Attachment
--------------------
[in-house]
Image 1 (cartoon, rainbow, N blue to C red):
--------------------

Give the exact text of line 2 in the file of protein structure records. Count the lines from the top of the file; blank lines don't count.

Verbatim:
Image 1 (cartoon, rainbow, N blue to C red):